Once the sign in is successful, we need to set VNC password for every client to login. Please note that this is not the password of RealVNC account. This password is required when any other workstation need to connect this VNC server. Set and confirm the password. Click Next.

This box will present the server information including your RealVNC account information. Click Apply. Once it is completed, click Done

The server message will disappear.

On the main server page, there will be a green tick sign showing configuration is done.

Launching VNC Client

To launch VNC Client, we need to download RealVNC Viewer. RealVNC Viewer is available in Windows, Mac and Linux. Once we install the viewer, there will be no configuration required.

We just need to login our RealVNC account and the viewer will automatically populate the remote station.

We just need to launch the pre-configured remote station and enter the VNC server password we have are set.

Removing RealVNC

To uninstall the server, we need to use the following command:

apt-get purge realvnc-vnc-server 

Please note that to completely remove any related data please follow the advise on the following post.

We also need to remove the computer information on the RealVNC account. To do that, please login to RealVNC using your account. Under your login name, select Computer. In the computer page, it will contain the VNC server information which we previously setup. We can remove any remote workstation we want.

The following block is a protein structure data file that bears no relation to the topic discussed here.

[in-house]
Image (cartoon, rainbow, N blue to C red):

Installing RealVNC with Linux Mint

Installing RealVNC with Linux Mint is much easier. Please note that we only tested Linux Mint on Cinnamon, so we do not need to disable Wayland. However, if you install Linux Mint with Gnome, you might also need to disable Wayland.

Using Linux Mint with Cinnamon, installation process is straight forward. Configuration is also the same as above. The only caveat is that Nvidia driver is not recommend when using with RealVNC. This is because, during boot up, if no monitors are detected, the system will not start X window. RealVNC server will be running but it could not show desktop since no windows was started.

We would recommend to use the default nouveau driver. The system could boot up without monitor attached.

Installing RealVNC with Fedora

Please note that Fedora is also not compatible with RealVNC server. We need to disable Wayland. The location of the file is at /etc/gdm/custom.conf.